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Shabby Chic:

Different types of student thank-you’s by grade-level

We encourage your students to be creative with their thank-yous and/or artwork! Depending on the students, we recommend a written note, a piece of artwork, or both. Your donors will love seeing the finished products, and it might inspire them to support your classroom again! Remember: regardless of grade level, a minimum of 5 individual student thank-yous must be sent for each donor who qualifies to receive student thank-yous.

Pre-K and Kindergarten Students:

  • Individual drawings, posters, or artwork, made separately by each student (using the materials funded for your project, if possible!)
  • Thank-you templates you prepare for each student, including the donor’s salutation and space for the student to draw a picture or write an individual note. You can always write captions on each letter to help explain what the student was trying to express!
  • Coloring cut-outs: for example, if your classroom received books, you can print out basic coloring images of books for students to color or decorate. If possible, they can sign their first name!

Note: if students can’t yet write and only artwork will be sent, we encourage you to include a personal note to help explain how your classroom created their thank-yous and express the learning opportunities the donor helped make possible.

 
Students who are comfortable writing can include short thank-you notes along with their drawings.

 
For developing writers, a short thank-you can be accompanied by artwork that displays how the new materials were used or how the student felt about the donation.

 
Students who are unable to write can still show their appreciation by creating art using crayons, markers, finger-paints or other media. You can then include a brief description or caption for each piece explaining what the student was trying to express. In this example, the students sent in adorable paper bag puppets!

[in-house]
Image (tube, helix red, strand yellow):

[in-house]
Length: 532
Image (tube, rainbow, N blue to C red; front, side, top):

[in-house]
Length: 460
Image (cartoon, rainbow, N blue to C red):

Elementary Students:

  • Short thank-yous (roughly ½ of a page) written to the best of the students’ abilities
  • Drawings to supplement

 
This thank-you is a little light on text, but more than makes up for it with incredible drawings. This student wrote a short message expressing his gratitude, and then drew some of the animals he learned about using his class’ new iPad.

Middle/High School Students:

  • Notes that specifically mention the project or experience that the donation made possible (roughly ¾ to 1 page)

 
Students in middle and high school often write their thank-yous on computers, but hand-made thank-yous are still the gold standard. This student wrote a primarily verbal thank-you, but decorated her letter with artistic designs.
 

 
Even a thank-you without any artistic additions can still pack a punch. This particular letter has a grammar goofs, but the sentiment is clearly expressed and authentic.